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Inevitable simultaneous extinction?
The extinction of the dinosaurs (for whatever reason) could have
triggered the demise of mosasaurus and other thermophilac sea life. The
immediate aftermath of dinosaur extinction probably witnessed a major
increase in terrestrial plant biomass in the absence of megaherbivores to
suppress it. An increase in vegetation could have caused a reduction in
atmospheris CO2, absorbed by plants, a reduced greenhouse effect, and cooler
temperatures which, coupled with regression, could have dealt the coup de
grace to thermophilac marine reptiles.
Since the Triassic, dinosaurs were probably the key element in a warmer
Gaian regime they "invented" and maintained. Suppressing vegetation with
their appetites, dinosaurs kept CO2 levels and global temperatures high,
which facilitated recuperative growth (especially after angiosperms appeared)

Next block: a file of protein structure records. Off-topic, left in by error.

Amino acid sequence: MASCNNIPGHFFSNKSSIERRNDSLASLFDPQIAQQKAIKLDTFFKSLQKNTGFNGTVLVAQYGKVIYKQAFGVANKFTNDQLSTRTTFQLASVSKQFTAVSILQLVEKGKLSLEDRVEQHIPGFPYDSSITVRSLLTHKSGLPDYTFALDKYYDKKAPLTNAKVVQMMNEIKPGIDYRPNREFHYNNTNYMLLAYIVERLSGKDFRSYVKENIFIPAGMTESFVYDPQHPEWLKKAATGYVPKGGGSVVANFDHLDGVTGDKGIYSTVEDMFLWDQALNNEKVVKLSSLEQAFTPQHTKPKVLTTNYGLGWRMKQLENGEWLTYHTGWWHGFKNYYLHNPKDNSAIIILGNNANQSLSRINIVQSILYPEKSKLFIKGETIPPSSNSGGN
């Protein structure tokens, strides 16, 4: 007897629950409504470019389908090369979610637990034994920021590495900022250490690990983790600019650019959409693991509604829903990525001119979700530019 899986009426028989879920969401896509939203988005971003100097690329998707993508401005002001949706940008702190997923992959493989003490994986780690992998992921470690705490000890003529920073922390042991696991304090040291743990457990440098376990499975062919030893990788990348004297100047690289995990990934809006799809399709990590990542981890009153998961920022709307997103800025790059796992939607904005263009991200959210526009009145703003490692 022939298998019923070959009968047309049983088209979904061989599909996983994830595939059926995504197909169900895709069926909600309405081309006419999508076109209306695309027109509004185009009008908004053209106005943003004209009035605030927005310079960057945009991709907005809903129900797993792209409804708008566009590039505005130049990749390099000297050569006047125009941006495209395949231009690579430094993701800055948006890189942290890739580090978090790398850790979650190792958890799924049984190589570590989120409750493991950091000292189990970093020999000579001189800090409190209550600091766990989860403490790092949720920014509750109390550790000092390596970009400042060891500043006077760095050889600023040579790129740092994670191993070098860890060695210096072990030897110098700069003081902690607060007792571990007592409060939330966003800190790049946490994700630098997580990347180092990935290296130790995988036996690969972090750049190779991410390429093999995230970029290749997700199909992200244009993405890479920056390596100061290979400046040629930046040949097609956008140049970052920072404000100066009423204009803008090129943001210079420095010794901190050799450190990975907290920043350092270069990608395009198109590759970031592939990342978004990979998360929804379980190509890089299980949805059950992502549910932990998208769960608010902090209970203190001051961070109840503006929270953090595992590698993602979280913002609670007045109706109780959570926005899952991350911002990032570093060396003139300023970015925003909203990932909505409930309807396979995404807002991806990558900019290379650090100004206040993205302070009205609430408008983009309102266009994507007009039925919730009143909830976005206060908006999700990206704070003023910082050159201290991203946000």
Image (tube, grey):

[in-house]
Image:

and thus maximized the productivity of the land, supporting huge dinosaurian
sizes and populations, even with elevated metabolic rates.
If this view is correct, the existence of dinosaurs was essential to the
maintenance of Mesozoic warmth. Sea reptiles were beneficiaries of
dinosaurian dominance and could not survive without them.
A very important point is that the near-simultaneous extinction of
dinosaurs and sea reptiles need not imply a common agency of extinction. The
dinosaur extinction may have caused marine extinctions indirectly, made them
inevitable. Generally, it is assumed that the lack of a common biological
agency of extinction, on land and at sea, implies a common physical agency
e.g. an asteroid. But a biological agency or agencies could have
extinguished the dinosaurs AND, indirectly, the sea creatures, for the latter
may have needed the dinos.